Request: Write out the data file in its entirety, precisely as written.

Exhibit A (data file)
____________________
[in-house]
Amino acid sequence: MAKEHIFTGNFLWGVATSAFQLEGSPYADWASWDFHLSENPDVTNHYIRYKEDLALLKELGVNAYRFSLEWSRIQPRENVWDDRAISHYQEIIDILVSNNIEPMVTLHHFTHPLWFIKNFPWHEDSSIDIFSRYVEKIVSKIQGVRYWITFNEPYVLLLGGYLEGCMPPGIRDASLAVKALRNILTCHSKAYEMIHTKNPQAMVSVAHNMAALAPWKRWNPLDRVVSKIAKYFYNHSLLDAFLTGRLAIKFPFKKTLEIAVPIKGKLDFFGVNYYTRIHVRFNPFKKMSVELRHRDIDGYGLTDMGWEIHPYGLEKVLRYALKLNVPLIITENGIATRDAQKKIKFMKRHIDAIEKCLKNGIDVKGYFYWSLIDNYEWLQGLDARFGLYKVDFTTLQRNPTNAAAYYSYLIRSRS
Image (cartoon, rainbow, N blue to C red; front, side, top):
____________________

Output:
[in-house]
Amino acid sequence: MAKEHIFTGNFLWGVATSAFQLEGSPYADWASWDFHLSENPDVTNHYIRYKEDLALLKELGVNAYRFSLEWSRIQPRENVWDDRAISHYQEIIDILVSNNIEPMVTLHHFTHPLWFIKNFPWHEDSSIDIFSRYVEKIVSKIQGVRYWITFNEPYVLLLGGYLEGCMPPGIRDASLAVKALRNILTCHSKAYEMIHTKNPQAMVSVAHNMAALAPWKRWNPLDRVVSKIAKYFYNHSLLDAFLTGRLAIKFPFKKTLEIAVPIKGKLDFFGVNYYTRIHVRFNPFKKMSVELRHRDIDGYGLTDMGWEIHPYGLEKVLRYALKLNVPLIITENGIATRDAQKKIKFMKRHIDAIEKCLKNGIDVKGYFYWSLIDNYEWLQGLDARFGLYKVDFTTLQRNPTNAAAYYSYLIRSRS
Image (cartoon, rainbow, N blue to C red; front, side, top):